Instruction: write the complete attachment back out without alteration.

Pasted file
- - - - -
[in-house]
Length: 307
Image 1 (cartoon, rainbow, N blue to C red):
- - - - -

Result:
[in-house]
Length: 307
Image 1 (cartoon, rainbow, N blue to C red):